Is It Time To Replace The Wax Ring Under Your Toilet?

Posted on: 19 December 2014

The toilet is one of those appliances that nobody really thinks about until things start going wrong. If you notice a growing dark spot around the base of your toilet or it's leaking for no apparent reason, it may be time to replace the wax ring underneath it. Here are step by step instructions on how to complete this simple do-it-yourself project.

Signs The Toilet Wax Ring Needs Replacing

The toilet wax ring is a soft, flexible doughnut that seals the space between the base of the toilet and the drainpipe. It's designed to fit around the toilet's exit hole and on top of the flange; it works to prevent water, sewage and harmful gasses from leaking into your home.

There are several tell-tale signs that it's time to replace the wax ring:

  • A malodorous smell like rotten eggs begins permeating your home. This is hydrogen sulfide gas rising from the sewer line.
  • Water begins leaking from the bottom of the toilet. It may be something as simple as condensation or as major as puddles.
  • A large dark spot forms around the base of the toilet. This is most likely mold or black bacteria growing under the tiles due to water leakage or sewage that has backed up and is pouring out under the flooring.
  • Water spots or rotting in the ceiling below your bathroom. This is most likely due to a leak that is pouring water underneath the floorboards.
  • The toilet wobbles when you sit on it. This is actually due to a broken flange. However, you must replace the ring when you replace the flange.

Any of these symptoms can advance into more serious problems. So it's critical that you replace the wax ring as soon as you suspect it (or the flange) may have gone bad.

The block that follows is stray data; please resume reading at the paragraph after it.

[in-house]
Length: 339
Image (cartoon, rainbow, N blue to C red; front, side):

How to Replace a Wax Ring

Replacing the ring is a relatively simple do-it-yourself project that can be completed in a weekend morning. The hardest part will be relocating the toilet itself, which is very heavy. It's a good idea to have a dolly of some kind or a toilet truck of some kind to help you move the appliance and save your back.

You'll also want to do this on a warm day or turn the heat up in your home. This will help keep the wax ring pliable while you install it.

Instructions (Here's a video demonstration for visual learners)

  1. Turn off the water supply.
  2. Empty the bowl and tank by flushing the toilet. Bail out or use towels to soak up any remaining water.
  3. Using a temporary marking tool or tape, mark where the toilet's current position on the floor, then remove the nuts bolting it to the floor. These are typically covered by caps. They may be rusted, so you might need to use a little bit of lubricant, a sturdy wrench and a lot of elbow grease.
  4. Disconnect the water line from the toilet. Grab the bowl and gently move the toilet side to side to break the existing seal and caulking and then completely remove the toilet from its spot. Do NOT rock the toilet using the tank. You could break it or the joint where it's connected to the bowl.
  5. Using a scraper, remove the old seal and remnants from under the bowl and around the flange. Place the new wax seal over the flange. The rounded side should be facing the ceiling and the entire part should be centered in the space.
  6. Keeping the toilet level, put it back in its place and then sit on it to help the new seal attach firmly to the exit and flange.
  7. Using your previous markings as a guide, inspect the bowl to make sure it is level and centered.
  8. Re-bolt the toilet to the floor. You may want to use brand new bolts for this, especially if the old ones are rusted. Tighten them manually rather than using a power tool to avoid cracking the porcelain base.
  9. Reconnect the water line and turn on the water. A rush of cold water will be temporarily diverted to the toilet, which may cause cold water to be temporarily unavailable in other locations in the home.
  10. Flush the toilet and check for any leaks. Once you're satisfied the bowl is properly situated and sealed, caulk the base.

You'll want to check the local plumbing codes in your area. Even though this is a fairly simple home repair, some places require you have it done by a professional plumber. It may also be a good idea to hire a plumber to check the pipe for clogs or any other problems that may be causing leaks.

For more information or assistance with this home repair, contact an experienced plumber in your area.

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